You may have seen a “Leave the Leaves” campaign to provide winter habitat, but what exactly does leaving the leaves accomplish and what can we do to maximize its usefulness?
In the last several decades, insect populations around the world have nosedived, leaving a gaping hole in the food web. NPR reports that insect populations may be declining 8 times faster than other land animals and 40% of world insect species may be facing extinction. While the causes of this collapse are not fully understood, pesticide use and habitat loss are the most likely culprits.
While we might not be able to control, for instance, the international practice of industrial agriculture, we can immediately change our own land use, and see the results as early as next spring. This won’t just help pollinators either—other insects like fireflies greatly benefit from leaving leaves out and perennials uncut, and lots of amphibians also overwinter in leaf litter.
In a temperate climate like Chicago’s, providing habitat in which insects can hibernate is crucial. Many types of butterflies and moths lay eggs on leaves, which then fall and provide protection until spring when they can hatch. The queens of some types of bumblebee overwinter in leaf litter before emerging in the spring to start new colonies. Many other types of native bees and beneficial wasps nest in grass or flower stems or in the hollow cores of shrubs like hydrangeas, so leaving your perennial stems up over the winter is also important.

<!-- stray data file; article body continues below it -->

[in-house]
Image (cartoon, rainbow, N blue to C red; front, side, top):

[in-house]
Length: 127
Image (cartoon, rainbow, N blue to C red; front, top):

Leaving the leaves for insects has the side benefit of improving your soil as the leaves break down, helps keep your soil moist, and helps protect your perennials from frost damage.
In an urban landscape, it isn’t always possible to just leave leaves in place. You can put a moderate amount of leaves in the garden bed or on your grass, though creating too thick a layer is not ideal. Which types of leaves also make a difference: oak trees support more types of insect than any other tree in our area, so leaving as many oak leaves intact as possible is beneficial. Oak leaves also tend to keep some loft, so they protect the soil while still leaving some airflow. However, a common non-native tree like the Norway Maple doesn’t support many local insects, and also tend to form smothering mats of leaves if they are piled too thickly in a garden bed.
When you have no way to accommodate the amount you leaves fallen on your property, mowing or grinding leaves and placing them back in your garden beds is better than disposing of them, but it is likely that most insect residents already in the leaves will not survive the process.
Written by Liz Olney